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Hepato-renal Syndrome – What is it? Akash Deep, Director - PICU King ’ s College Hospital London. 0. Questions to be answered. How common is renal dysfunction in children with liver disease ? Is every renal dysfunction in liver disease Hepatorenal Syndrome (HRS) ?

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Hepato renal syndrome

Hepato-renal Syndrome

– What is it? Akash Deep, Director - PICU King’s College Hospital London


Questions to be answered
Questions to be answered

  • How common is renal dysfunction in children with liver disease ?

  • Is every renal dysfunction in liver disease Hepatorenal Syndrome (HRS) ?

  • What is the impact of kidney dysfunction in children with existing liver disease? – Prognosis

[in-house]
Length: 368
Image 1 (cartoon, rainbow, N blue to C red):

• What is HRS – Definition, pathogenesis, diagnosis

  • Impact of HRS on transplant candidacy?

Hepatorenal syndrome
Hepatorenal Syndrome

  • No data exists in paediatric literature

  • Adult data extrapolated.

Braveno iv status classification of cirrhosis
Braveno IV status classification of cirrhosis

1-year Outcome Probabilities













20 %





J Hepatology 2006;44:217-231

Natural history chronic liver disease
Natural History Chronic Liver Disease

Christensen et al

Scand J Gastro 1989;24:999-1006

J Hepatology 2006;44:217-231

Mortality prediction scores in cirrhosis
Mortality Prediction Scores in Cirrhosis

  • Extra-hepatic organ dysfunction progresses

  • Common ITU Scores – PIM2, Child Pugh Score, MELD, SOFA, APACHE

  • Renal Dysfunction omitted or only based on SCr

  • How important is the contribution of renal dysfunction to the mortality of patients with liver disease?

  • Inclusion of SCr in Model for End-Stage Liver Disease (MELD)

Aki in liver disease
AKI in Liver disease